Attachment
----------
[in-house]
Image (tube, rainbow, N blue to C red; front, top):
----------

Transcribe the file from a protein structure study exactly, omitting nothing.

[in-house]
Image (tube, rainbow, N blue to C red; front, top):